husband of the detained British-Iranian aid worker Nazanin Zaghari-Ratcliffe begins a hunger strike in Whitehall

husband of the detained British-Iranian aid worker Nazanin Zaghari-Ratcliffe begins a hunger strike in Whitehall

 Nazanin Zaghari-Ratcliffe
husband of the detained British-Iranian aid worker Nazanin Zaghari-Ratcliffe begins a hunger strike in Whitehall —

Mrs Zaghari-Ratcliffe, who has been held in Iran for five years on spying charges, recently lost her appeal against a second prison sentence.

Richard Ratcliffe said his wife was “increasingly distraught”.

The Foreign Office says it will “continue to press Iran” on the issue.

Mrs Zaghari-Ratcliffe, a 43-year-old mother-of-one from London, has been detained in Iran since 2016 and has not seen her daughter for two years.

She has been serving the second of two prison sentences, this one on parole for a conviction of propaganda against the Iranian regime. She is staying with her mother in Iran – but is not allowed to leave the country.

Mrs Zaghari-Ratcliffe has always denied any wrongdoing.

The hunger strike began on Sunday near to the Foreign Office and Downing Street in London. It is the second time Mr Ratcliffe has used the tactic, after a 15-day hunger strike outside the Iranian embassy in London in 2019.

“Two years ago I went on hunger strike in front of the Iranian embassy, on the eve of Boris Johnson taking over as prime minister,” said Mr Ratcliffe in a statement online.

“We are now giving the UK government the same treatment. In truth, I never expected to have to do a hunger strike twice. It is not a normal act. It seems extraordinary the need to adopt the same tactics to persuade government here, to cut through the accountability gap.”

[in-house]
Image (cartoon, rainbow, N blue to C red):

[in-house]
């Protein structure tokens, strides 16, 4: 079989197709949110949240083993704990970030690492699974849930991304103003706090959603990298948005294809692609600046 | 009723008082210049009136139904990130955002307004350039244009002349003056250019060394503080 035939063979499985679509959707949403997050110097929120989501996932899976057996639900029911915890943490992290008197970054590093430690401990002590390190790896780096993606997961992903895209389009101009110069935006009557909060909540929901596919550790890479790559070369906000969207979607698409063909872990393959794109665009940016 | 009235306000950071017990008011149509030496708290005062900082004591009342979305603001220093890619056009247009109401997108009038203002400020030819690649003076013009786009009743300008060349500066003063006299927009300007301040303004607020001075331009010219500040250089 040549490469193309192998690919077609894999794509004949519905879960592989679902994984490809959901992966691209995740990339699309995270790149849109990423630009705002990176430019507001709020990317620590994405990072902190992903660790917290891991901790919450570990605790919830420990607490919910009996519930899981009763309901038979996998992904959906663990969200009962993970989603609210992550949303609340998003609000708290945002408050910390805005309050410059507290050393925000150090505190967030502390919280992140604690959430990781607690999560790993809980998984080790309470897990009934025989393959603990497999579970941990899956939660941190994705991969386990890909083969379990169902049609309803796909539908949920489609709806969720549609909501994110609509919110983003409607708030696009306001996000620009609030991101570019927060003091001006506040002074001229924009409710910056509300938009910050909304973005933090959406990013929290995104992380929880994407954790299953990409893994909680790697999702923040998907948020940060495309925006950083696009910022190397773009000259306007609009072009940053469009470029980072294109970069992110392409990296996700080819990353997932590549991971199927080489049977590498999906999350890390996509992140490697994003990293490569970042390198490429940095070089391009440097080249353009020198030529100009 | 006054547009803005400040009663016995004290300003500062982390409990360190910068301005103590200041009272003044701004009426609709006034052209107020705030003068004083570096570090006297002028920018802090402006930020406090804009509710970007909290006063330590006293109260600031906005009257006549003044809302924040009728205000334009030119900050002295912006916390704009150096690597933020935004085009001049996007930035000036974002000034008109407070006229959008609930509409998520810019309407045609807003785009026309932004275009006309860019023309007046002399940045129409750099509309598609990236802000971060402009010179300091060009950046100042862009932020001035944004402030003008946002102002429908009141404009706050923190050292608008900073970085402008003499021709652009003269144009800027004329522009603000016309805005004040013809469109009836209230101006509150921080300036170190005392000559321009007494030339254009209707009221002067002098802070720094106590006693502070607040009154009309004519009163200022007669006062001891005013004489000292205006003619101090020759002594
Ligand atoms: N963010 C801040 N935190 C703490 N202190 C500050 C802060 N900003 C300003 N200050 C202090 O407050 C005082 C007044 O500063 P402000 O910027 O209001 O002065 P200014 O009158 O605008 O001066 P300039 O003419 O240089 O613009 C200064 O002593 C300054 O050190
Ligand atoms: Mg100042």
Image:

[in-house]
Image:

He said that although Iran remained the main country responsible, “the UK is also letting us down”.

“It is increasingly clear that Nazanin’s case could have been solved many months ago – but for other diplomatic agendas. The PM needs to take responsibility for that.”

He added: “It can be difficult to capture the feeling of a life wasting away, watching prison creep closer while we sit in the PM’s in-tray.”

Mr Ratcliffe said he was making four demands from Mr Johnson, including recognising Mrs Zaghari-Ratcliffe as a hostage, and for the UK to push for an end to hostage-taking when negotiating the Iran nuclear deal.

He also called for the government to pay the £400m debt that the UK owes Iran, dating back from a deal between the two sides over tanks in the 1970s.

Mr Ratcliffe believes his wife has been imprisoned as leverage for the debt.

He spoke to the new Foreign Secretary Liz Truss earlier this month, but said he was told the government’s response was to do nothing yet until Mrs Zaghari-Ratcliffe was returned to prison.

“For us, reimprisonment is too late, it would mean not seeing Nazanin until 2023,” he said.

 

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